The guests would step aside while you walk down the aisle. The emotion is so much that you do not feel your legs and you seem to fly. The highlight is the exchange of promises: no matter if he or she, often can not read the entire formula. There are those who laugh and cry, which are just different ways of being carried away by emotion.

Here the photographer does not exist at all. Whether the ceremony happens in a place of worship, whether you are in the garden of a castle, the main characters are only the bride and groom and the person who officiates the wedding. I believe the photographer to be hidden here, without missing details of such a wonderful moment. During the ceremony, you will realise how professional and discrete a photographer can be, simply forgetting that he is there.

Must-Have Wedding Photos You Don’t Want to Miss
Putting together your wedding photo short list? Here are some pretty picture ideas you might want to include. You’ll want to see both sides getting ready, so ask your photographer to shoot the guys doing their ties up while the gals do the same with their zippers. Granted, you’ll have about 100 wedding pictures of you in your dress, but a still life lets you preserve it in your memory just like the first time you saw it — a beautiful piece of wearable art. Portrait is a great way to capture small touches, like hair and jewelry.

Your rings: you’ll actually want two shots. One alone, against your dress, for a high-fashion look, and one of your two rings together, to symbolize your new union. A cropped pic of your shoes (and fun socks!) gets an update by being casually posed. Your Invitation Suite: this is probably the most often forgotten photo — it’s not part of the day, like your flowers or cake, and some couples forget to bring it (or ask someone to bring it). Welcome Bags: you put effort into these gifts for your guests — make sure your photographer documents them before people dig in.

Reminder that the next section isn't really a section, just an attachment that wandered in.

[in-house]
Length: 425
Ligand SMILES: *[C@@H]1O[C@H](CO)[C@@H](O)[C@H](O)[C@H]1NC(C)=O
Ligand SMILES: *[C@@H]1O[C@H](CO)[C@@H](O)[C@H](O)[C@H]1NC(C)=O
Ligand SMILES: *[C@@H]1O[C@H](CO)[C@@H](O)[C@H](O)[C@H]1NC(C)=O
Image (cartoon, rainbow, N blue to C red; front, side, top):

The Groom’s Accessories: this may seem a little “artsy” but it’s really nice to have. After all, the groom’s extras are carefully chosen too, so why should the dress and bridal accessories get all the love? The Bridal Bouquet: it’s detail shots like these that will really help tell the story of your wedding. The Bridesmaid Bouquets: a group shot of your bridesmaid bouquets will remind you how much fun it was having these close friends and family by your side. Groomsmen Boutonnieres: if you took the time (and spent the money) to get the guys amazing accents for their suits, why wouldn’t you want to capture them for your album? Bridal Portrait: a posed shot worthy of a fashion magazine will make you feel like a model. The First Look: a playful take on the first look — with the bride covering her groom’s eyes — is a new classic. The Other First Look: you’ve heard about the first look photo, well this is the first moment the bridal party (and mom and dad) sees you. Preceremony Notes: this is one of the few personal moments of alone time you have before you say your vows, and while you’re reading you’ll be in your own world. Preceremony Emotions: whether it’s your separate car rides to the ceremony or last words of advice from parents, these final moments are emotional, and worth capturing. The Relaxed Bridal Party: The modern bridal party shot is laid-back and captures the personalities of your friends and family without being too kitschy. Bridal Party Solos: Capturing each of your bridesmaids’ individual personalities makes for a great gift — just ask your photographer to create a collage (Brady Bunch–style) of everyone’s portraits. The Modern Family Shot: a super-casual pic of you and your family captures how you really are — not perfect but perfectly happy.